Jim Brown's almost true story of a Canadian bank robber named Red Ryan
He thrived in an age when people hated banks and the press loved bank robbers
Jim Brown is well known to Calgarians as the former host of the Calgary Eyeopener and The 180, as well as the co-director, with Gary Burns, of the films Radiant City and The Future is Now!
He joined host David Gray on Monday to talk about his new book, The Golden Boy of Crime, The Almost Certainly True Story of Norman "Red" Ryan.
It tells the story of a criminal whose legend was created at a time when the facts were often just one of many alternative ways to tell a story in a newspaper.
This interview has been edited for clarity and length.
Q: I want to begin at the beginning if we can. You're at home, and the editor of a big publishing house calls up and says, "Hey! You want to write a book about a bank robber named Red Ryan?"
A. My first thought was, I don't think I want to write a book about a bank robber. But something about him reminded me of a book that I'd read before. Morley Callahan wrote a novel based on this guy that I read and really enjoyed, so I thought maybe there's something interesting here.
I started reading the journalism that was written about Red Ryan back in the '20s and '30s, and then I was hooked — because the journalism was so atrociously bad that you couldn't not write about it.
It was just so interesting! No two accounts seemed to be the same. You had all these columnists making stuff up.
Q: But that was the era, wasn't it?
A. Everyone loved bank robbers back then. They were the stars of the [newspaper] page. There were no TV stars back then — there was no TV yet — and so we had bank robbers and baseball players and newspapers. That was basically it. And they had nicknames like all the ballplayers, too. Red Ryan was Canada's best bank robber.
Q: How did that happen? Tell me who this guy is.
A: Born in Toronto, he basically started stealing things as soon as he could walk — and from there, climbed up the theft ladder.
At 17, he winds up in Kingston Penitentiary, and you figure life's over, because he was sent up [to jail] for a long time. But he signed up to join the Canadian Army to fight in the First World War. That got him out of jail.
He shows up in England. He just starts stealing stuff there, then he goes away a while and then finally he goes back to Canada.
He starts robbing banks. He gets arrested. This time he is sent to Kingston forever — but he escapes and the Toronto Star sends their new hotshot reporter, Ernest Hemingway, to cover his escapes. So he becomes a huge star and, folks, that part's true, in case you're wondering, because with this story you never know.
Q: OK. I mean, for example, this did happen? Hemingway covered the escape?
A. Yeah, Red Ryan and four other guys. He called him Red Ryan, which was legitimately his nickname, but Hemingway just made up nicknames for the other four guys. One of them he called Runty and his nickname stuck with him for his entire life.
Anyway, some of it's true, some of it's not.
But it doesn't really start to get interesting until he's captured again and sent up — this time forever.
And then, a couple of years later, these stories start coming out in the Toronto Star, mainly that Red Ryan is a reformed man, that he has become an acolyte of of the prison priest, who has turned him around.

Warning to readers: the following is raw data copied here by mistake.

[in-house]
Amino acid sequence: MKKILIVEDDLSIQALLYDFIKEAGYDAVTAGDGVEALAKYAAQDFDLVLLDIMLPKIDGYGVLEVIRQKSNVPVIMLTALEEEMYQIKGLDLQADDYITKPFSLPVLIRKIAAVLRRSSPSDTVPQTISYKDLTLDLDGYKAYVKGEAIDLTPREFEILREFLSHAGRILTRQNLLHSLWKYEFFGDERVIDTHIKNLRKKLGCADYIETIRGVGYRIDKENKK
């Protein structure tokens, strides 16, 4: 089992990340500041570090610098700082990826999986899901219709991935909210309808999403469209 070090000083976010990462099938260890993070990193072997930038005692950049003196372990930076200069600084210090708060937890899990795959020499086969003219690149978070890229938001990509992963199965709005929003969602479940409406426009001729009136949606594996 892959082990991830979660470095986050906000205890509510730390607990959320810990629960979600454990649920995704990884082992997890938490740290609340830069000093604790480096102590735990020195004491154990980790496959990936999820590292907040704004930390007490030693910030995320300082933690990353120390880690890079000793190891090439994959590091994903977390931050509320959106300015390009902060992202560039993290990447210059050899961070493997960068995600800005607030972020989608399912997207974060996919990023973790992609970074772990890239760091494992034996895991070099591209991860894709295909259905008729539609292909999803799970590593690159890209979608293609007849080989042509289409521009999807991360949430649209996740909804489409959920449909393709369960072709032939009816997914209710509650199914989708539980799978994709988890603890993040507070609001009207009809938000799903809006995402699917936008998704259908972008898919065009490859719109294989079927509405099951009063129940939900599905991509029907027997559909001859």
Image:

And then the Star starts lobbying the prime minister R.B. Bennett to pardon him — and Bennett listens to them, of course, and pardons him.
He's released. He's the star. He's the guest of honour at police picnics. Everyone loves him. But at night, he's back to robbing people and blowing up safes again.
Finally, he gets shot to death in Sarnia.
Q: One of the things about this story that intrigues me — and you point out in your book — is that this [era] is a time where they made stars out of bad people. That doesn't happen anymore, does it?
A. No. You can sort of see where it was coming from, though. A lot of this happened during the Depression. You know, a lot of the people who are reading the Star and other papers across North America had been foreclosed on by the banks, and these guys were basically robbing banks. So you can see why bank robbers were kind of folk heroes because everyone really hated the banks back then. You can understand that.
Q: What's the larger intellectual point you're making in the Red Ryan story?
A. There's a couple of things of things that I'm trying to get beyond the true crime aspect of this. One of them is the fact that journalism gets such a bad rap today. And one of the things that appealed to me about this project was it was an opportunity to basically say to people, if you think journalism is bad now, you haven't seen anything.
You want to know how bad it can be? I'll tell you how bad it can really be. Back in the days of the fedora wearing hack reporters who were basically hungover all morning and drunk all afternoon — that was one aspect of it.
But then there's also just the whole notion of truth. And I sort of hint at this in the subtitle of the book, which I call The Almost Certainly True Story of "Red" Ryan. It's this whole idea that we should be able to to read these things in the moment and say, this doesn't make sense. This can't be right. This just doesn't ring true.
But for some reason, we couldn't back then. And I'm not sure if we can really now because it almost seems like we are constantly being fooled by con men and different different kinds of people who just want to take advantage of us. And we never really seem to learn.
With files from the Calgary Eyeopener.